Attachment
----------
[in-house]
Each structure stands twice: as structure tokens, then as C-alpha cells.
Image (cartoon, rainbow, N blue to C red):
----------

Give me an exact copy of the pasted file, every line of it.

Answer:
[in-house]
Each structure stands twice: as structure tokens, then as C-alpha cells.
Image (cartoon, rainbow, N blue to C red):